3 Rules that Govern all Non-compete Agreements in Virginia | Ryan C. Young | Richmond, Virginia Attorney
Ryan C. Young
Non-Compete Agreements in Virginia

Virginia courts will look at these rules when deciding whether to uphold a non-compete agreement. 

There are a variety of ways in circumstances in which a noncompete clause could find its way into a Virginia contract. However, the most common by far is the employment situation. As such, I will refer to employer and employee throughout this article. The party who is attempting to enforce the non-compete agreement bears the burden of proving that:

1.Is the restraint, from the standpoint of the employer, reasonable in the sense that it is no greater than is necessary to protect the employer in some legitimate business interest?
2.From the standpoint of the employee, is the restraint reasonable in the sense that it is not unduly harsh and oppressive in curtailing his legitimate efforts to earn a livelihood?
3.Is the restraint reasonable from the standpoint of a sound public policy?
*This list is taken directly from the following non-compete cases:

SummsRecovery & Collection v. Belle, 44 Va. Cir. 475 (Va. Cir. Ct. 1998)

Roanoke Engineering Sales Co. v. Rosenbaum, 223 Va. 548 (Va. 1982)

Legitimate Business Interest

In Virginia, there is no bright line definition of a “legitimate business interests.”  Instead, the burden is placed on the employer to show that they in fact have a legitimate business purpose in enforcing the non-compete provisions. As an example, imagine that Simon is a small business owner in Richmond. All of Simon’s clients come from on from Richmond, Henrico County and Chesterfield County. I do not think that a Virginia court would find that Simon has a legitimate business interests in the Virginia Beach market. Also, you need to consider whether the types of businesses or clients they serve are even similar.

Is the non-compete clause unduly burdensome to the employee?

We do not want to lock employee out of their right to earn a living. Therefore, the courts will consider the function, geographical scope and duration of the non-compete agreement. These elements will be considered together in unison. I cannot stress enough that this is an extremely fact-specific inquiry the court must make. Function refers to the job title and former duties of the employee. Geographic scope refers to the mileage or area to which the agreement refers. Duration refers to the period of time in which the employee must abide by the terms of the non-compete agreement. Obviously, this type of agreement cannot be enforced for a lifetime. At this time, it is important to note that a court will not re-write a non-compete agreement for the parties. If the agreement is overly broad or has vague terms, it will most likely fail and the employee will be free to do as they please.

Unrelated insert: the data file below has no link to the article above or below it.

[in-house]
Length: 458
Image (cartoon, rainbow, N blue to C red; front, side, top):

Is the non-compete agreement against public policy?

Virginia law favors competition. We do not want one vendor gaining a monopoly over an entire market. Also, the public has a strong interest in allowing a person to earn a living. As you can see, each prong of the three-pronged test tends to intertwine with the other parts. Oftentimes, courts decide cases on one of the first two prongs and do not get to the public-policy part. Just remember that competition is good for Virginia consumers and we do not want someone becoming destitute because they cannot work for a living. In addition, a court will not enforce a non-compete agreement where the subject is illegal activity.

Remember, non-compete agreements are extremely fact-specific.

As you scrutinize your own non-compete agreement, just remember that the terms must be clearly defined and meet the requirements of the three-pronged test above. I know you are probably looking for a clear and fast rule, but these non-compete cases are extremely fact-specific. They decision depends on the unique set of facts more than many other areas of the law. I wish you much success in all of your endeavors.

Ryan C. Young | Richmond, Virginia | Contract Law | Non-compete Agreements

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